Finding a fix for FATA

Published: April 7, 2015
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Over the last two years, 1.6 million people have been displaced, and their return, as well as the implementation of the plan, is heavily dependent on the quality or otherwise of the security situation. PHOTO: AFP

Over the last two years, 1.6 million people have been displaced, and their return, as well as the implementation of the plan, is heavily dependent on the quality or otherwise of the security situation. PHOTO: AFP

The multiple, interlocked and exceedingly complex problems of Fata are never going to be resolved at a single stroke. Both houses of parliament have agreed binding resolutions for reform and a road map has now appeared, and it deserves a cautious welcome. The government has prepared the “Fata sustainable return and rehabilitation strategy” and perhaps, the first matter to note is that the document does not pretend to have all the answers or address some of the questions either — and in that sense displays a refreshing honesty. It also provides a reasonably good picture of the scale of the problems across the seven agencies and the damage to the area and its infrastructure, which is very considerable. The ballpark figure for the implementation of the strategy is $120 million — which is almost certainly an underestimate.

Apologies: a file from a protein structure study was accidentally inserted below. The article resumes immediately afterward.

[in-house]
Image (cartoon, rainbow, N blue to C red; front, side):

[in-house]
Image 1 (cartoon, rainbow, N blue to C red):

The document seeks to build a bridge between the gap in long-term development (long neglected) and reforms of governance for Fata. Over the last two years, 1.6 million people have been displaced, and their return, as well as the implementation of the plan, is heavily dependent on the quality or otherwise of the security situation. It is for the Fata Secretariat to ensure that the conditions are right for repatriation of families — no small task — and it will need to be in sync with the agencies, governmental and NGOs, that are putting the infrastructure back together. If the government is genuinely serious about implementing the report and seeing through the challenges it faces then it could be the best news that Fata has heard for decades. But if this is just another piece of window-dressing to appease some very angry people who have lost their homes and livelihoods then only further trouble will be the consequence. Successive governments have fudged the issue of ‘what to do with Fata’ and as a result it became a festering sore that infected other parts of the country. This is an opportunity to both repair and make amends and we hope it is one that is wholeheartedly grasped.

Published in The Express Tribune, April 8th,  2015.

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